Independent Clauses | n. —unusual words about underappreciated music

Project DNA has one amazing song and a bunch of also-rans

March 19, 2010

I love mp3 players, because it makes reviewing music so much easier. I mean, it’s a way better alternative than the discman, which was pretty much nothing but annoying to the one generation that ever used it. Skip city. One problem with Mp3 players, though, is that it occasionally scrambles track order for no reason. This happened to me when I was listening to Project DNA‘s self-titled, and it severely screwed up my listening experience.

My iPod decided that the opening track of this album was going to be “Empty Promises.” It starts out with an acoustic strum, low synths, and the sound of a storm rolling in. Then Jimmy Blecher (who is the majority of Project DNA) calmly intones, “I traded my love and happiness for the joys of a needle and spoon.”

Note to artists reading this: there’s no better way to catch this listener’s attention than to emotionlessly admit a heroin addiction as your introduction. My attention was hooked through the entire song. A weeping violin sneaks in, and its presence livens up Blecher’s emotions. He gets progressively more emotional throughout the song, perfectly in tandem with the instrumental buildup he creates.

The song keeps growing in intensity (but not in tempo, which is impressive) until Blecher is howling with remorse, spitting out advice to others, and seeking forgiveness from God. Then he pulls it back to the dynamics of the beginning and lets the song fade away. It is an emotionally devastating song. I was absolutely stunned. I could not wait for the rest of the album, because an artist who dares put a powerful piece like that as the lead-off must have some amazing stuff in the can.

Thanks to my iPod, I was disappointed. “Empty Promises” is far and away the best track here, making the rest of the album pale in comparison. Even more distressing is that the album doesn’t sound anything at all like “Empty Promises.” Please be offended when I tell you that this is a pop/rock album. I mean, one of the most gut-wrenching confessionals I’ve heard this year is backed up by poppy songs that have no real connection to anything emotional. It’s bait and switch of the worst order.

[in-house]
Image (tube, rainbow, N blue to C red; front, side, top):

There’s nothing exciting about the rest of the tracks on Project DNA; some gospel-tinged rock on “Take Me Away” piques interest but more out of the peculiarity of it than its quality. The doo-wop of “Dumb-Hearted,” the ’90s guitar-pop of “In a Minute,” the unconvincing soul of “Whispers in the Wind,” and the funk-infused power-pop of “Callypso” just don’t connect the same way that “Empty Promises” does. In fact, nothing here remotely matches that glorious songwriting moment.

I can’t understand how or why Jimmy Blecher has songs like “Empty Promises” in him and yet chooses to write vapid pop tunes. There’s nothing worth lauding in the upbeat stuff at all. But his one downtempo moment? Magic. I hope his songwriting takes a turn toward the quieter end of his spectrum, because I see real promise there and not in the pop-rock.

Stephen Carradini and Lisa Whealy write reviews of instrumental, folk, and singer/songwriter music. We write about those trying to make the next step in their careers and established artists.

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